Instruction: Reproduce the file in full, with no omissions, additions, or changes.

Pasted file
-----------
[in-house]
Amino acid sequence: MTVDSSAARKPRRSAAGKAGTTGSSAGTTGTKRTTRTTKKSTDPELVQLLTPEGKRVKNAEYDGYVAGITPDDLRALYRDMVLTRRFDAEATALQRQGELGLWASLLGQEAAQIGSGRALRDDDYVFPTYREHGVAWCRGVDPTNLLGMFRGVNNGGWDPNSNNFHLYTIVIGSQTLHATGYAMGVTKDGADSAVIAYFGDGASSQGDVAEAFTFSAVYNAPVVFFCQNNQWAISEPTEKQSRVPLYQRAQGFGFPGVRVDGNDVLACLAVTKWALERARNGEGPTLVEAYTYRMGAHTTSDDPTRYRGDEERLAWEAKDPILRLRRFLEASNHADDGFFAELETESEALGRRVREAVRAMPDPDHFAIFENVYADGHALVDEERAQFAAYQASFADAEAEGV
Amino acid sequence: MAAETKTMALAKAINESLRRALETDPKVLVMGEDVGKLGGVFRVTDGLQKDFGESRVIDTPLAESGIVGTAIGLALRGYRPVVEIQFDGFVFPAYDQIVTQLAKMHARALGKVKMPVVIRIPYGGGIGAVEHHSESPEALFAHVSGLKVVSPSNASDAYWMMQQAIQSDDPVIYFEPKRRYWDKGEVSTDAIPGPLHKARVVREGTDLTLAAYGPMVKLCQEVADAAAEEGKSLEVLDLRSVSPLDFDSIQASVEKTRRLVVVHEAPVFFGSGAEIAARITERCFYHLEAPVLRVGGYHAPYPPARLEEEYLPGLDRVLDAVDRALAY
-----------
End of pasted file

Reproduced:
[in-house]
Amino acid sequence: MTVDSSAARKPRRSAAGKAGTTGSSAGTTGTKRTTRTTKKSTDPELVQLLTPEGKRVKNAEYDGYVAGITPDDLRALYRDMVLTRRFDAEATALQRQGELGLWASLLGQEAAQIGSGRALRDDDYVFPTYREHGVAWCRGVDPTNLLGMFRGVNNGGWDPNSNNFHLYTIVIGSQTLHATGYAMGVTKDGADSAVIAYFGDGASSQGDVAEAFTFSAVYNAPVVFFCQNNQWAISEPTEKQSRVPLYQRAQGFGFPGVRVDGNDVLACLAVTKWALERARNGEGPTLVEAYTYRMGAHTTSDDPTRYRGDEERLAWEAKDPILRLRRFLEASNHADDGFFAELETESEALGRRVREAVRAMPDPDHFAIFENVYADGHALVDEERAQFAAYQASFADAEAEGV
Amino acid sequence: MAAETKTMALAKAINESLRRALETDPKVLVMGEDVGKLGGVFRVTDGLQKDFGESRVIDTPLAESGIVGTAIGLALRGYRPVVEIQFDGFVFPAYDQIVTQLAKMHARALGKVKMPVVIRIPYGGGIGAVEHHSESPEALFAHVSGLKVVSPSNASDAYWMMQQAIQSDDPVIYFEPKRRYWDKGEVSTDAIPGPLHKARVVREGTDLTLAAYGPMVKLCQEVADAAAEEGKSLEVLDLRSVSPLDFDSIQASVEKTRRLVVVHEAPVFFGSGAEIAARITERCFYHLEAPVLRVGGYHAPYPPARLEEEYLPGLDRVLDAVDRALAY